Together, Chick and Ella, would electrify the Swing era of jazz with hits such as "A-Tisket a Tasket," which was composed by Ella to cheer Chick up while he was ill. And while this and other great tunes recorded by these artists are well-known, Chick’s early work -- some say his most impressive solos -- was regrettably poorly captured by recording technology ill suited for Chick’s immense talent. But one of Chick’s hit tunes “Stompin’ at the Savoy” gives contemporary jazz fans some hint of the power of Chick Webb and his Orchestra.

In 1938, Chick Webb’s health began to fail him. This was mostly due to Chick’s chronic spinal condition and his insistence that he and his orchestra would only perform at the height of their talents for their fans. Often it was said that Chick played with such power that he was physically exhausted when he left the bandstand. Finally, he had a major operation at Johns Hopkins Hospital in Baltimore in 1939. Webb died from spinal tuberculosis on June 16, 1939, in Baltimore. Reportedly his last words were, "I'm sorry, I've got to go." He was 34 years old. Webb was buried in Baltimore County, in Arbutus Memorial Park, in Arbutus, Maryland.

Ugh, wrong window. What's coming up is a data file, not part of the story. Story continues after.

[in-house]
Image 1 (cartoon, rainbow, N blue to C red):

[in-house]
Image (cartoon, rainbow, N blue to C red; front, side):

For awhile, Ella Fitzgerald carried on Chick’s tradition when she became one of the first female bandleaders. But soon the orchestra became too much for Ella to handle. Finally, the band went under. But not after it left a jazz legacy that has been recognized by such jazz greats as Buddy Rich, Louis Bellson, Art Blakely, and Duke Ellington.

(Edited from Wikipedia and a Bio by Amin Sharif)
(* some sources state birth year as 1909)